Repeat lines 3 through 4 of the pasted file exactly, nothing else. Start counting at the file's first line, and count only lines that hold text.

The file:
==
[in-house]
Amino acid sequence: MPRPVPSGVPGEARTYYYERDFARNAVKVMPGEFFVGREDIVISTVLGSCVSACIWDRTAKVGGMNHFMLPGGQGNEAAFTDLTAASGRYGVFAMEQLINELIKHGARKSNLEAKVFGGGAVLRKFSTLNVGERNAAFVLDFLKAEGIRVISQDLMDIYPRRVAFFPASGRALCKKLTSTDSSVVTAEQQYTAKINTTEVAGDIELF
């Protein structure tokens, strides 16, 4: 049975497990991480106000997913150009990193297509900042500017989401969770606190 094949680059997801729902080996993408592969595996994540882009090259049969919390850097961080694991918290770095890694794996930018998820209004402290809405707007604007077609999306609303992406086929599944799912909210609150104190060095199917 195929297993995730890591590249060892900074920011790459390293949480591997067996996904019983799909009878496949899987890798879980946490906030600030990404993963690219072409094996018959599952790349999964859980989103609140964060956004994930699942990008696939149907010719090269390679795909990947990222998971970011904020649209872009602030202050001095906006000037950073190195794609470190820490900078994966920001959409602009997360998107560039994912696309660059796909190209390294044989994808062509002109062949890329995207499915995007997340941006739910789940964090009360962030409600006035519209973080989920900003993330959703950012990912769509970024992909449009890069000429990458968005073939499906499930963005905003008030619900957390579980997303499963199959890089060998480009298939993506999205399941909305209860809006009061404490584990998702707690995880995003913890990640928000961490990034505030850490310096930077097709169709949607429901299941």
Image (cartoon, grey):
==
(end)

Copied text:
């Protein structure tokens, strides 16, 4: 049975497990991480106000997913150009990193297509900042500017989401969770606190 094949680059997801729902080996993408592969595996994540882009090259049969919390850097961080694991918290770095890694794996930018998820209004402290809405707007604007077609999306609303992406086929599944799912909210609150104190060095199917 195929297993995730890591590249060892900074920011790459390293949480591997067996996904019983799909009878496949899987890798879980946490906030600030990404993963690219072409094996018959599952790349999964859980989103609140964060956004994930699942990008696939149907010719090269390679795909990947990222998971970011904020649209872009602030202050001095906006000037950073190195794609470190820490900078994966920001959409602009997360998107560039994912696309660059796909190209390294044989994808062509002109062949890329995207499915995007997340941006739910789940964090009360962030409600006035519209973080989920900003993330959703950012990912769509970024992909449009890069000429990458968005073939499906499930963005905003008030619900957390579980997303499963199959890089060998480009298939993506999205399941909305209860809006009061404490584990998702707690995880995003913890990640928000961490990034505030850490310096930077097709169709949607429901299941």
Image (cartoon, grey):